Jesus preaches a new perspective. Where the Law sees only actions, the gospel sees people. This is why He moves away in His teaching from the act of killing to the thought of anger, the act of adultery to thoughts of adultery. It’s not just what we do; it’s who we are that matters. Jesus concentrates on the who while the unchanging Law and Prophets look only to the what. The gospel does preach the Law and the Prophets. Jesus, we read today, came to fulfill them not to abolish them. But the gospel exposes what one scholar describes as “the false absolutes from which one is liberated.” (The Secular City, Harvey Cox) False absolutes fit easily on bumper stickers and signs. They’re easy to remember and to quote. But gospel is as complicated because life is complicated.
There’s a small Baptist church from the mid-west that preaches hate like no other. You may have seen them in the news. They come out to protest at all sorts of solemn occasions, often making the news when someone from the military is buried. Their placards are filled with simple statements that God hates this and God hates that, God hates everything and everyone except for them. A counter-protester held-up a sign that I thought was pretty creative. It said: “God hates signs.” A religion of laws can fit on a sign. A gospel about people cannot. And Jesus always saw more value in the person than in what the person did according to the law. I think the church needs to listen more attentively to Jesus’ gospel. We need to make sure that we are not a religion of laws, but of people. We need to be able to look forward to where God wants us to be rather than only backwards to where God once met us. That’s the difference between gospel and law.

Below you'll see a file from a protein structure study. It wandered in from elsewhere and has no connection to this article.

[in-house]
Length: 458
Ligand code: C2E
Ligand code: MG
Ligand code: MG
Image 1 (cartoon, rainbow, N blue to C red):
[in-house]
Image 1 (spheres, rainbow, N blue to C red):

To close as we approach Valentine’s Day. Sharon and I have been married for over 20 years, and I’ve said, “That should be enough to define a commitment.” Then I see in last Sunday’s paper the last article in the Globe Magazine. A woman is explaining that she and her ex-husband parted ways at retirement. She judges her marriage a good one, but that it shouldn’t have to be “until death do us part.” I only joked about this. She did it, and then wrote an article. But the reason I mention this is because these ideas are out there and they’re being discussed seriously. If the church is going to remain relevant, it has to move away from the letter of the law and embrace the spirit, the purpose of the law. People don’t discuss these kinds of topics with church because church doesn’t like to discuss, and then we’re left out. And this kind of un-moving theology is not the gospel preached by Jesus. It is of the scribes and Pharisees that Jesus condemned. Let us pray to listen again to Jesus’ message as living gospel not as unchanging law. We ask this in His name. Amen. (+)
Fr. Randolph Calvo